It came, this time, about halfway through Jon Stewart’s Daily Show interview with Barack Obama—that inevitable moment when the Witty Sarcasm stops and the Critical Analysis begins. The anchor leaned in, put on his Serious Expression, and asked the Democratic almost-front-runner: “Do you feel like you’re stuck in a narrative now?”

Someone call Bill Safire—there’s a new buzzphrase in town. “Narrative,” the cousin of ‘04’s “framing,” is a thoroughly modern term to designate a thoroughly ancient campaign strategy: telling a story by way of selling a product. The tactic has gone by several what’s-in-a-name incarnations, and in the current presidential election, the “narrative” designation has already established itself as the Clinton/Romney of campaign catchphrases: having pulled ahead early, it will likely be the Trail Term to beat in ‘08. So confident, in fact, is “narrative” in its own semantic supremacy that it’s already gone and found a running mate: “stuck in.” As in, no longer do candidates simply have narratives—they’re now getting themselves stuck in them.

“Obama has become stuck in a narrative not his own,” declared Pittsburgh Post Gazette columnist David Shribman’s poetically-headlined and much-linked-to editorial. “Just as the candidates are devoting hundreds of thousands of dollars, or more, into burnishing their stories,” Shribman writes, “their rivals and the reporters who cover politics are writing narratives of their own. The problem, for the candidates, is that their foes and commentators are fitting everything they do into the rogue narrative, not the official narrative.”

“Rogue narrative”—that sounds serious. Let’s call it instead simply a “narrative of concern.” Obama’s NOC, of course, is his identity (largely Clinton-imposed) as the precocious little tyke who wants to play with the big kids but has yet to fully grasp the rules of the games they play. And his fellow contenders each have their own Liability Story: Clinton’s cunning. Edwards’s preening. Romney’s pandering. Giuliani’s philandering. Etc. Each NOC tends to originate from a combination of opposing-team slams and political-press punditry—and to be at least somewhat contrived. (Or, as Robert McCrum put it much more delightfully in a Guardian editorial this weekend: “A natural, unforced narrative is rarer than rocking-horse manure.”)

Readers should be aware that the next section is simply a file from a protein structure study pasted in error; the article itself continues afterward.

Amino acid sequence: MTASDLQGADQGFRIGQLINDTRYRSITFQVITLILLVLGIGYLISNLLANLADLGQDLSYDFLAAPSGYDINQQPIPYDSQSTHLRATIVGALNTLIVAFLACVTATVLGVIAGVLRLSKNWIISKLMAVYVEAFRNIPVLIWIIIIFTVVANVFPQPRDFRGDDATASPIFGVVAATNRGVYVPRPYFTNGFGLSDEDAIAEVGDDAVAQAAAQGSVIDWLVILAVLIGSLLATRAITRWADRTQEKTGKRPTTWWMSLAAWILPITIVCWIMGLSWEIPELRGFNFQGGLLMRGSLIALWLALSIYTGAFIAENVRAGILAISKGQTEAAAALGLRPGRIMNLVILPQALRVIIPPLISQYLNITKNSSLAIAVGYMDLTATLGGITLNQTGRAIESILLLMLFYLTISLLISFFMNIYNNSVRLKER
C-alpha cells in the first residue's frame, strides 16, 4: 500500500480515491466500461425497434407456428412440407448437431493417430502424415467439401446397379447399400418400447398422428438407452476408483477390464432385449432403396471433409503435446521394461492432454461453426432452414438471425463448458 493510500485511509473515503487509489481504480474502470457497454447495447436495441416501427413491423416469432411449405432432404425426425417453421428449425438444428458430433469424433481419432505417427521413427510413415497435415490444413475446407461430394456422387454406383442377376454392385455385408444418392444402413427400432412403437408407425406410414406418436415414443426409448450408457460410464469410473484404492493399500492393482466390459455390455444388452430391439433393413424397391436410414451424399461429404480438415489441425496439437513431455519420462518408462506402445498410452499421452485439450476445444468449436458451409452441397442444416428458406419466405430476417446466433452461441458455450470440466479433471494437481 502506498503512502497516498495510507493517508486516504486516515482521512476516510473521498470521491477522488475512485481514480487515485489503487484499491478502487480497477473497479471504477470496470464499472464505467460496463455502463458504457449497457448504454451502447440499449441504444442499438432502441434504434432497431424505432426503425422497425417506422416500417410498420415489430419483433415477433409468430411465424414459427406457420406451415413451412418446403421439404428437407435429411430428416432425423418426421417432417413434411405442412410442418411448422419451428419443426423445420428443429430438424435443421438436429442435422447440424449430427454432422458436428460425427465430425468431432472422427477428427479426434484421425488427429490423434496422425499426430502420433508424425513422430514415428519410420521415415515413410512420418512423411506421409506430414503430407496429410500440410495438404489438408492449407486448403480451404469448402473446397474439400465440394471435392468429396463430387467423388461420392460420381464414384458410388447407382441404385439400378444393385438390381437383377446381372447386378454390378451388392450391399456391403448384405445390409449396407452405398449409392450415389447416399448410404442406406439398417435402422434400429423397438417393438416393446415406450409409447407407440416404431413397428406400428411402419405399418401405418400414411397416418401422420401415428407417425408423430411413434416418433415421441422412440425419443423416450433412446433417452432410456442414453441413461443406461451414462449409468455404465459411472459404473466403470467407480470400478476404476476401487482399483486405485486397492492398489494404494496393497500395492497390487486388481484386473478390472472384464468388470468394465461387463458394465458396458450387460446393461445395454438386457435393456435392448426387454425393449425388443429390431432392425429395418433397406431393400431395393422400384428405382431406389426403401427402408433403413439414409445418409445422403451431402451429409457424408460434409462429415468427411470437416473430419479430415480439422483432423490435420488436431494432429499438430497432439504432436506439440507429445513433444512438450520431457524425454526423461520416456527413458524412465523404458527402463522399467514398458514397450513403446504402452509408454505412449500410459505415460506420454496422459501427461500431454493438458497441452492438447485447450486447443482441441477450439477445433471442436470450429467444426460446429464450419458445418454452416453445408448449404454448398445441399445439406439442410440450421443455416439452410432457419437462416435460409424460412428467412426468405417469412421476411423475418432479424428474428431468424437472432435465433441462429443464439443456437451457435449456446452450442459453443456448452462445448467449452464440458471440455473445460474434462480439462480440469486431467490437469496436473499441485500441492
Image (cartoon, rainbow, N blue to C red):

The question for now—as it always is at this early stage in a presidential election—is how journalists will unpack the varied narratives, both friendly and not-so-friendly, that swirl around the often-compelling and always-flawed individuals asking to be our leader. Will we provide our audiences with intellectually honest analyses of our would-be presidents—or will we succumb, as CJR has asked before, to the boys-on-the-bus-style pack journalism of the campaign trail? In other words: Will we journalists become as stuck in narratives as the candidates whose stories we tell?

Obama—who, for all his identities, has never been framed as a “punch-puller”—offers some thoughts on that. Here’s the rest of the Daily Show exchange:

Stewart: Do you feel like you’re stuck in a narrative now, and the narrative is: ‘Hillary Clinton is unlikable, but knows what she’s doing. Obama is inexperienced, but brings change’? And that narrative — no matter what you do, because it’s easily categorized — the media, or everyone else, will just slip whatever happens into those two narratives?

Obama: That’s what’s happening right now. They will probably find something new, later, to talk about. The whole —

Stewart: Could you tell us what that will BE?

Obama: We don’t know yet. Whatever sells papers.

Stewart: Whatever sells papers.

Obama: Whatever sells papers.

Obama is right—narratives do sell papers. But his pressimism, if you will, is unfair: telling stories is, after all, the reason newspapers exist. And journalists have thus far made good-faith, and largely commendable, efforts to tell (rather than just sell) campaign stories: to make sense of a wide field of candidates, to parse their backgrounds as well as their policy prescriptions—and to distinguish, in campaigns that fuse PR and politics, the truth from the spin. The boys (and girls) on the bus have done well so far. But it’s early; we still have (imagine!) 435 days left to go before the election. The question, as the races heat up and stakes start to skyrocket, is who will be campaign stories’ ultimate authors, reporters or campaigners. Because it may be bad when candidates get stuck in narratives “not their own”—but it’s downright dangerous when journalists do.

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Megan Garber is an assistant editor at the Nieman Journalism Lab at Harvard University. She was formerly a CJR staff writer.